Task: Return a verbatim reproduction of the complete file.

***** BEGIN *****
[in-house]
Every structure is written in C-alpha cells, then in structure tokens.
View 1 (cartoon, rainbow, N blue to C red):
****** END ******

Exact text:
[in-house]
Every structure is written in C-alpha cells, then in structure tokens.
View 1 (cartoon, rainbow, N blue to C red):